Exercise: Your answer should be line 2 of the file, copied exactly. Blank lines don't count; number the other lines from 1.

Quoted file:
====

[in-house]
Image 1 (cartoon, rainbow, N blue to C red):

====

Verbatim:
Image 1 (cartoon, rainbow, N blue to C red):